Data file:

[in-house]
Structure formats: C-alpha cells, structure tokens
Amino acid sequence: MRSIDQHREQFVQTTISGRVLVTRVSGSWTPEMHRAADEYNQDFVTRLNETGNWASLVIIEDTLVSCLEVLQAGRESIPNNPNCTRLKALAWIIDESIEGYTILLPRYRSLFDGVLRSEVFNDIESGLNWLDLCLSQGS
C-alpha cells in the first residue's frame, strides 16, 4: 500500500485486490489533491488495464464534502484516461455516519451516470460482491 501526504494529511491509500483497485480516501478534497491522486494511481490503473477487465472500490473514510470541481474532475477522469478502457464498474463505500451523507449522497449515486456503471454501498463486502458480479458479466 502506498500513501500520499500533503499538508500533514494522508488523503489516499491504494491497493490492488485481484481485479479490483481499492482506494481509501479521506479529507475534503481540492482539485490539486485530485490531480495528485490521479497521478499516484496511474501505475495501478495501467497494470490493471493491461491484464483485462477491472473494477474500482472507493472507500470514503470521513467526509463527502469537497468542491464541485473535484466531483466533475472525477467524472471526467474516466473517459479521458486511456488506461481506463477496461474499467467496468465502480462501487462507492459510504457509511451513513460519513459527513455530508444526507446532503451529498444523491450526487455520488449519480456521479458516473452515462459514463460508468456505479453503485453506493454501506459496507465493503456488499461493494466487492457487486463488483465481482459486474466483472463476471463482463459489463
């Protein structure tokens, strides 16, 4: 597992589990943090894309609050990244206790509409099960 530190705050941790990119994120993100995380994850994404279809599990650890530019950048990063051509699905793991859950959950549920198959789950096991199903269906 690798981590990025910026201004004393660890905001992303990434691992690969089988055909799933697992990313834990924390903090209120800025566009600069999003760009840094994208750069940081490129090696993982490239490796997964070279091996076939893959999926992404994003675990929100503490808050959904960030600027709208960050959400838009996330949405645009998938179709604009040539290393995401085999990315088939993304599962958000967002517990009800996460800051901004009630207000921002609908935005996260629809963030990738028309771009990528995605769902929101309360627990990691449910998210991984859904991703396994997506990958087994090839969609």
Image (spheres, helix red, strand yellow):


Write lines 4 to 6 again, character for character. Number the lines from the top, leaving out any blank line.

C-alpha cells in the first residue's frame, strides 16, 4: 500500500485486490489533491488495464464534502484516461455516519451516470460482491 501526504494529511491509500483497485480516501478534497491522486494511481490503473477487465472500490473514510470541481474532475477522469478502457464498474463505500451523507449522497449515486456503471454501498463486502458480479458479466 502506498500513501500520499500533503499538508500533514494522508488523503489516499491504494491497493490492488485481484481485479479490483481499492482506494481509501479521506479529507475534503481540492482539485490539486485530485490531480495528485490521479497521478499516484496511474501505475495501478495501467497494470490493471493491461491484464483485462477491472473494477474500482472507493472507500470514503470521513467526509463527502469537497468542491464541485473535484466531483466533475472525477467524472471526467474516466473517459479521458486511456488506461481506463477496461474499467467496468465502480462501487462507492459510504457509511451513513460519513459527513455530508444526507446532503451529498444523491450526487455520488449519480456521479458516473452515462459514463460508468456505479453503485453506493454501506459496507465493503456488499461493494466487492457487486463488483465481482459486474466483472463476471463482463459489463
């Protein structure tokens, strides 16, 4: 597992589990943090894309609050990244206790509409099960 530190705050941790990119994120993100995380994850994404279809599990650890530019950048990063051509699905793991859950959950549920198959789950096991199903269906 690798981590990025910026201004004393660890905001992303990434691992690969089988055909799933697992990313834990924390903090209120800025566009600069999003760009840094994208750069940081490129090696993982490239490796997964070279091996076939893959999926992404994003675990929100503490808050959904960030600027709208960050959400838009996330949405645009998938179709604009040539290393995401085999990315088939993304599962958000967002517990009800996460800051901004009630207000921002609908935005996260629809963030990738028309771009990528995605769902929101309360627990990691449910998210991984859904991703396994997506990958087994090839969609």
Image (spheres, helix red, strand yellow):